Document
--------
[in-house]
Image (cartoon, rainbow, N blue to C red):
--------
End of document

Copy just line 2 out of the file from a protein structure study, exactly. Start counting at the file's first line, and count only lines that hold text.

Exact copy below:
Image (cartoon, rainbow, N blue to C red):